You fill up your car, you drive to the supermarket, you buy food. The whole process takes hours at most. Growing food takes months, requires land, needs work. Waiting until a global situation outside your control disrupts the fragile transport network upon which we depend will be too late.

Our lifestyle is far from resilient and we need to act now to correct this. We must take control of the process of change and turn it to our advantage.

The Hemp Twine Project – Part One

One of my planned projects involves encouraging the sale of hemp twine to promote the local economy in Somerset. Everyone needs string. Hemp was once a major crop here, supplying huge quantities of rope for the Bristol shipping trade.

You can still see some of the long sheds where the ropes used to be twisted together from fibres.

Accordingly, after my summer adventures in the field, I set about ordering some hemp twine. Reluctant to create yet another customer profile for a possible single purchase, I called my chosen supplier and spoke to a friendly chap from the north of England.

I deplored the price of hemp twine, given the ease and low cost of hemp cultivation. He told me the sad tale of the decline of the natural fibre rope making industry faced with competition from oil based plastics. The hemp I was buying came from Egypt. Could I believe that unscrupulous sellers even tried to pass off jute fibre as hemp?

Uncomfortably aware that, although my grandfather would certainly have known the difference, I could be thus hoodwinked all day long, I moved the subject to purse nets. The hemp twine – the largest and cheapest reel I had found – was destined to make and repair these nets, commonly used for catching rabbits.

Alas, there was a sad story there too. Modern lads take no care of their hunting gear, but are content to stuff wet and muddy nets into a plastic sack at the end of a day. Left in this condition, even the spectacular ability of hemp to resist rot is overcome. Cheap imported plastic nets, however, can be abused endlessly.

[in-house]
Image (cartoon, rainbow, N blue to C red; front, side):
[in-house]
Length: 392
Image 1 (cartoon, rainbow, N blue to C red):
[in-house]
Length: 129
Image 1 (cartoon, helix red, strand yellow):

Lads – do you realise that your careless lazy habits are having this impact? Take a minute or ten just to rinse out your nets and hang them up to dry before opening that can and slumping in front of the TV! Buy hemp purse nets or better still have some pride in your craft and make your own. There are instructions on the internet.

Hemp can and should be widely grown in this country. As well as fibre to replace imported oil based plastics, it yields nutritious seeds ideal for livestock feed. All it lacks is a market. Hundreds of new jobs could be created.

See how it’s all connected?

Start paying attention.

Step away from the edge

How did we get here, poised like the mythical lemmings on the cliff edge?  What madness made us think our careless greed would have no price?

The damage was far away and out of sight. Ancient forests razed to the ground and all their inhabitants wiped out. Pits of destruction so vast that mighty lorries seem tiny as crawling ants in their depths. Thousands of women and children imprisoned in factories churning out cheap throwaway clothes.

In our frantic search for fulfillment through ever more shiny material goods we have destroyed the framework which supported communities working together for each other’s benefit. The more money we have the faster it disappears, instead of enriching our own area.

Why should you care about your neighbour’s business when it has no effect on your life? Why should they care about you? Would it improve their life if they did?

It’s time the party ended. We need to reduce our dependence on a global economy, move away from our insidious addiction to oil and grow a country whose core needs can be satisfied by quality local produce.